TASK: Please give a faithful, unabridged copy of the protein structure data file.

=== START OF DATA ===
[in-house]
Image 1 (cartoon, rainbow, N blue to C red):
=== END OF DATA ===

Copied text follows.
[in-house]
Image 1 (cartoon, rainbow, N blue to C red):